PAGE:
When we made the obligatory "Grand Tour" of Europe in 1965 (11 countries in 10 weeks, driving a new-from-the-factory MGB and camping in a pup tent), we decided we did not like Germany. It may have been our visit to the concentration camp at Dachau, or the big black Mercedes cars that bore down the autobahn at 100 mph, horns blaring at our tiny sports car. At any rate, this trip we decided to spend a few days in the Mosel Valley, four more in Berlin and then leave immediately for Central Europe. Despite our misgivings about Germany, those four days in Berlin turned out to be delightful - thanks in large part to two Servas home-stays.

Our first hosts in Berlin were a woman who teaches English at a college and her psychologist husband, who is also a talented painter. Their co-op loft flat was up five long flights of stairs. We stayed in a tiny guest bedroom below the lobby, and trooped upstairs for meals and showers. The couple had remodeled their loft, which was generally very comfortable in a contemporary/rustic sort of way. But the bathroom was the strangest concept in home design we've ever seen. The kitchen, living room and dining area of the open floor plan formed an L-shape around the bathroom, which was glassed-in on two sides to let in the light. There were no curtains. We each went in to take a shower, and found ourselves valiantly trying to keep modestly covered as we climbed in and out of the shower. (Skinny-dipping in a mountain lake with other naked people is no problem, but undressing in a bathroom adjacent to rooms where clothed people are cooking or walking around is something else!) Our solution to the problem: we wore our underwear and took our towels into the shower with us. While we greatly enjoyed discussing teaching, art and life in Berlin with these interesting people, it's their weird bathroom that remains locked in our memories. (As we left their home after a two-day stay, our host gave us his business card: he specializes in sex therapy. Maybe that explains the bathroom!)

Our second Berlin hosts were a German psychiatrist and his Indian wife, and their two young children. Their elegant flat was filled with New Guinean art, primarily from the Sepik River area. Magnificent sculptures, masks and spears filled the walls of their living quarters and his counseling office. Most of his patients are East Germans - people who grew up under the Communist regime. Indeed, several had been taken from their parents while still infants and placed in a "communist person factory" where they were trained into "robots" to serve the state. His other patients, though not deprived of parental upbringing, nonetheless were provided for by the state throughout their lives until the Wall came down in 1989. As a consequence, most of his patients exhibit a deficit in self-esteem, resourcefulness and the ability to make decisions. What a sharp contrast with what happens in the West where we encourage individualism! As we travel, we realize again and again that we shouldn't take our freedoms and opportunities for granted.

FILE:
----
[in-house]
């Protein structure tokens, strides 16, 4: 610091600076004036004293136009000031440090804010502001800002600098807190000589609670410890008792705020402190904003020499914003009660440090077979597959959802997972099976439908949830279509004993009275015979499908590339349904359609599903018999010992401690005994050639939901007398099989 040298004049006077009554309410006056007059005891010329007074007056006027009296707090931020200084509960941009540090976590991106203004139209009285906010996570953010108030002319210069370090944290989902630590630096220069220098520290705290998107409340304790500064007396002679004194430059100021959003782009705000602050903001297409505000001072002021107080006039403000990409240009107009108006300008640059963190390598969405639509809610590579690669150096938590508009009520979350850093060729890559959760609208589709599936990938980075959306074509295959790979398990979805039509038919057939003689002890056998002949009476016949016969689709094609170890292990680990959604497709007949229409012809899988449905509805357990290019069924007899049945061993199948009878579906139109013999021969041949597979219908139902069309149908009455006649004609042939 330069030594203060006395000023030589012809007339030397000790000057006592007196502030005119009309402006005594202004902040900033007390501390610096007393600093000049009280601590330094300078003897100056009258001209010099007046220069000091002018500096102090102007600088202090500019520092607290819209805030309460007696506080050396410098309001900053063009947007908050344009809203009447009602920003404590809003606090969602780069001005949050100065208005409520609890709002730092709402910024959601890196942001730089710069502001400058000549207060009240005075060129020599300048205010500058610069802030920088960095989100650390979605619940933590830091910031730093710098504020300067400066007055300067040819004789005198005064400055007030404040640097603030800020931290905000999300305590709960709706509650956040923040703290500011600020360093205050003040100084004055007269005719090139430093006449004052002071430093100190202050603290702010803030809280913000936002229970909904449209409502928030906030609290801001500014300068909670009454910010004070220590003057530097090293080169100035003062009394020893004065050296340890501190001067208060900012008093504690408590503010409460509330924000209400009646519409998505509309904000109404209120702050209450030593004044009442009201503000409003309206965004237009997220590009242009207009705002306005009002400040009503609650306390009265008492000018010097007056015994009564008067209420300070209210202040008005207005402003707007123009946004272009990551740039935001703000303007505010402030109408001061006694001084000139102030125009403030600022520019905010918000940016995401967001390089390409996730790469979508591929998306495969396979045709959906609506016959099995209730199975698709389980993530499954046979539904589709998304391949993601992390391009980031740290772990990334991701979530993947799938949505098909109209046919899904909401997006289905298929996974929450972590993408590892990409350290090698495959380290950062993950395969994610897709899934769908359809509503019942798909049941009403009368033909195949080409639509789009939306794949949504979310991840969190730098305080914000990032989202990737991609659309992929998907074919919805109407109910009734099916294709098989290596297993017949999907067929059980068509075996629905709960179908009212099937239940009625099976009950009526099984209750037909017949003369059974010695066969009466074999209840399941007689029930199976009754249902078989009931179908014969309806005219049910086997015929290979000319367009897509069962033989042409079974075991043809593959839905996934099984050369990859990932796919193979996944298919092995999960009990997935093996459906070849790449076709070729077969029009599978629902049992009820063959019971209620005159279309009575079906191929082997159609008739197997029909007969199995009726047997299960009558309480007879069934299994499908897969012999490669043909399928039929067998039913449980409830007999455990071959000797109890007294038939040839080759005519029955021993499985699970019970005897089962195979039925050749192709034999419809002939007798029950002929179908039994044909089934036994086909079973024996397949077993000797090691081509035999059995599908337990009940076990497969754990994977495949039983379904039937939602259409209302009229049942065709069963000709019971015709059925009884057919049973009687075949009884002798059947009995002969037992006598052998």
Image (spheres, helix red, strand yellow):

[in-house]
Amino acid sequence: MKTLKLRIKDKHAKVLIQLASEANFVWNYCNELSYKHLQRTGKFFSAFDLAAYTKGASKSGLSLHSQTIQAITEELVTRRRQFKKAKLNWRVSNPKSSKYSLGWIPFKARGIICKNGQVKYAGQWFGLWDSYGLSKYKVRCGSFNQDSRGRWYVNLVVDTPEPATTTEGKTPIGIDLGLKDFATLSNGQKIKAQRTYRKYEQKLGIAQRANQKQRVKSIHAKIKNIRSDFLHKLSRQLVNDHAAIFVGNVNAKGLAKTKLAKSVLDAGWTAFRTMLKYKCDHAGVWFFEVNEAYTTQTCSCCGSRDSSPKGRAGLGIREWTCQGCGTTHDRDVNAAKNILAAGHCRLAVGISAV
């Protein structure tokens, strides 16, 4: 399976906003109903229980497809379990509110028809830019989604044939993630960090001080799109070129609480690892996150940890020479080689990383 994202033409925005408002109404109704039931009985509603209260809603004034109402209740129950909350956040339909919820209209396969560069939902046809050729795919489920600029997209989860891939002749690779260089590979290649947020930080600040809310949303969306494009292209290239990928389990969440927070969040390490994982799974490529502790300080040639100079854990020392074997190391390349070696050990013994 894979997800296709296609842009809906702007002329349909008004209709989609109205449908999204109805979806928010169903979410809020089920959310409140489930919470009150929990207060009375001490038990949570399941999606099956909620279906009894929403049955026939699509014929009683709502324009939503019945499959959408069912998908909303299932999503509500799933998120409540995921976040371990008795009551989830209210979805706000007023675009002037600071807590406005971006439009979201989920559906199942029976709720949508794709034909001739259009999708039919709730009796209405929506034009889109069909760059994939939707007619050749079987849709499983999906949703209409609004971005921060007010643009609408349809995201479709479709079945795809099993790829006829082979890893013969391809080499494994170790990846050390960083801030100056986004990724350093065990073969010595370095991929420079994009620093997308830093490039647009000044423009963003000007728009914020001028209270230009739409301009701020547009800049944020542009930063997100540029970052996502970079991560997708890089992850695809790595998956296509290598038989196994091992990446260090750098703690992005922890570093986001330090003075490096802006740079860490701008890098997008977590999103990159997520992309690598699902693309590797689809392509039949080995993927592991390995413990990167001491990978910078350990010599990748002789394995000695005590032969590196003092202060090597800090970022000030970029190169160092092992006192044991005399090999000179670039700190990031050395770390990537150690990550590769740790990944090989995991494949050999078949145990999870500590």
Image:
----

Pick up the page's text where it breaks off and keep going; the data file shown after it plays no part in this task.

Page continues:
We talked long into the night with each host family. During the days, we were on our own. We saw two great exhibitions of contemporary German art, and took what was easily the best tour we've ever taken - an excellent "City Walks" tour of the city with an inspired guide named Christopher.

One of the most amazing stops on the walking tour was at Babel Platz. Beneath our feet was a conceptual art installation located on the site of the Nazi book-burning. It's below ground level, with a heavy glass plate across its top - below is an all-white chamber lined with empty white bookshelves. A plaque in the ground reads: "Burning books leads to burning people."  Chilling.

We also visited the site of Hitler's bunker, Brandenburg Gate, a museum dedicated to the horrors of the Nazi regime and a section of the Berlin Wall. Christopher told us amazing stories of escapes across the Wall. We were especially fond of the elderly folks who dug their own tunnel to freedom after younger neighbors scoffed at their ability to do so. An 81-year-old member of the group was the look-out in the garden, in which he repeatedly planted the same sapling! We also liked the story of the man who made 400 trips to bring out 400 refugees in his little VW Bug, with a fake gas tank large enough to conceal one person. Another man hid his wife in two end-to-end suitcases. (Below, Christopher talks about a section of the Berlin Wall.)

Christopher's best story was of a young man who rented an Austin Healy Sprite and removed the windshield so the car was low enough to drive UNDER the barriers and through the S-shaped path at Checkpoint Charlie. Of course, his head could not protrude above the hood level, so he had to memorize the path and drive blind. With his wife prone behind the sports car seat and his mother-in-law hidden in the trunk, he gunned the throttle and somehow wove his way through the barricades!

Leaving Berlin with sober thoughts, we caught a train to the CZECH REPUBLIC



Films: Europa, Europa; The Nasty Girl; Schindler's List; Downfall

The Original Berlin Walks: berlinwalks@berlin.de  Ph: 301 9194 




Joan and Lou Rose     joanandlou@ramblingroses.net